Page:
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Brain imaging has radically changed our approach to the assessment of brain structure and function - and also to structural alterations and dysfunction in a disease-related context. Neuroimaging helps to understand how the brain and the other parts of the nervous system work and what structural or functional alterations may be associated with a given clinical presentation of a disease or medical condition. This aspect of clinico-radiological correlations needs to be addressed both in a clinical and in a neuroscientific approach. Magnetic resonance imaging (MRI) is one of the core elements within the differential diagnostic work-up of patients with neurological diseases. Advanced MRI-based analyses are not yet routinely used for individual diagnosis at a broader scope but are increasingly applied to the assessment of pathology in human and animal neural system as `computer-based (patho)neuroanatomy`.
Applied Neuroimaging pushes the additional value of neuroimaging, with a focus on MRI, with respect to the potential use as a diagnostic tool, a technical biological marker or an approach to the function of the working nervous system, including but not limited to volumetry/morphometry of 3-D MRI, diffusion-weighted imaging, and intrinsic and task-based functional connectivity MRI (ifc MRI), connectome mapping, and further techniques. Also, clinical work issues like cost-effectiveness of using different imaging as a diagnostic tool may be addressed. However, Applied Neuroimaging is of course not restricted to MRI but also includes electrical and magnetic recordings, positron emission tomography, and optical imaging techniques. Multimodal studies are encouraged.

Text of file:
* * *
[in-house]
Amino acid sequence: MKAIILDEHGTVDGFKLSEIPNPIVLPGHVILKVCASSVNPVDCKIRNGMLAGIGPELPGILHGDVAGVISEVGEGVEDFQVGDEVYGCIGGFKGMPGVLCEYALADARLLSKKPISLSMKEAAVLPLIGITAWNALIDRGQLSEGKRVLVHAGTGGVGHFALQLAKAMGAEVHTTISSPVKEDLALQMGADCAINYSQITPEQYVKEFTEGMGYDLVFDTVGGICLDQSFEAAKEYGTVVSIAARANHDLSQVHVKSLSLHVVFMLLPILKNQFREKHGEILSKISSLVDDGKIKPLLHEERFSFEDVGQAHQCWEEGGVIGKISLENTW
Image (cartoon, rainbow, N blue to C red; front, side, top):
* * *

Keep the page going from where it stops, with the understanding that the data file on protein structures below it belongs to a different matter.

Applied Neuroimaging welcomes submissions on the application of mono– or multimodal neuroimaging to neurological diseases. Applied Neuroimaging will also publish didactic reviews, and has a strong commitment to the reproducibility of science as well as education in the field of neuroimaging.
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PMCID: all published articles receive a PMCID
Applied Neuroimaging welcomes submissions of the following article types: Brief Research Report, Case Report, Clinical Trial, Correction, Editorial, Hypothesis and Theory, Methods, Mini Review, Opinion, Original Research, Perspective, Policy and Practice Reviews, Review, Study Protocol and Systematic Review.
All manuscripts must be submitted directly to the section Applied Neuroimaging, where they are peer-reviewed by the Associate and Review Editors of the specialty section.
Articles published in the section Applied Neuroimaging will benefit from the Frontiers impact and tiering system after online publication. Authors of published original research with the highest impact, as judged democratically by the readers, will be invited by the Chief Editor to write a Frontiers Focused Review - a tier-climbing article. This is referred to as "democratic tiering". The author selection is based on article impact analytics of original research published in all Frontiers specialty journals and sections. Focused Reviews are centered on the original discovery, place it into a broader context, and aim to address the wider community across all of Neurology.
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